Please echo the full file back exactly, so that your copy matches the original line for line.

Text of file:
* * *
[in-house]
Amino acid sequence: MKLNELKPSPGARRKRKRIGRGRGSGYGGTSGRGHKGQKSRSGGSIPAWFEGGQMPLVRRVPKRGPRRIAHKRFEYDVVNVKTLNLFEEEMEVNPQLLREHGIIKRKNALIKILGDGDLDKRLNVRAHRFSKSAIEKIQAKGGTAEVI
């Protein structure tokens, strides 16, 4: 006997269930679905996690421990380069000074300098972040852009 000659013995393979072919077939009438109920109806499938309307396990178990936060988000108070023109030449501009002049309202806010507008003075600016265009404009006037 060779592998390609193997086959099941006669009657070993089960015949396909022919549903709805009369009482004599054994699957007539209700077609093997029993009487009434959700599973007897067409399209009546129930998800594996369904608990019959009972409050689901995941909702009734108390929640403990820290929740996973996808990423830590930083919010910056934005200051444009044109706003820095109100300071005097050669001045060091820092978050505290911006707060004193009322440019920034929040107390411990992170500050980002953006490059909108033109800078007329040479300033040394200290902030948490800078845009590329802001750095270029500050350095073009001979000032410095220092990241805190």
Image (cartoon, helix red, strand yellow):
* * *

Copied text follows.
[in-house]
Amino acid sequence: MKLNELKPSPGARRKRKRIGRGRGSGYGGTSGRGHKGQKSRSGGSIPAWFEGGQMPLVRRVPKRGPRRIAHKRFEYDVVNVKTLNLFEEEMEVNPQLLREHGIIKRKNALIKILGDGDLDKRLNVRAHRFSKSAIEKIQAKGGTAEVI
């Protein structure tokens, strides 16, 4: 006997269930679905996690421990380069000074300098972040852009 000659013995393979072919077939009438109920109806499938309307396990178990936060988000108070023109030449501009002049309202806010507008003075600016265009404009006037 060779592998390609193997086959099941006669009657070993089960015949396909022919549903709805009369009482004599054994699957007539209700077609093997029993009487009434959700599973007897067409399209009546129930998800594996369904608990019959009972409050689901995941909702009734108390929640403990820290929740996973996808990423830590930083919010910056934005200051444009044109706003820095109100300071005097050669001045060091820092978050505290911006707060004193009322440019920034929040107390411990992170500050980002953006490059909108033109800078007329040479300033040394200290902030948490800078845009590329802001750095270029500050350095073009001979000032410095220092990241805190």
Image (cartoon, helix red, strand yellow):